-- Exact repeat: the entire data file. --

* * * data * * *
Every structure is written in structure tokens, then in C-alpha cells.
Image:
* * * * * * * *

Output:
Every structure is written in structure tokens, then in C-alpha cells.
Image: